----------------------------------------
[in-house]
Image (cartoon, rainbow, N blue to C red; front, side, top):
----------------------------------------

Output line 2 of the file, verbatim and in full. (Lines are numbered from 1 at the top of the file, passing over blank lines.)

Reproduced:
Image (cartoon, rainbow, N blue to C red; front, side, top):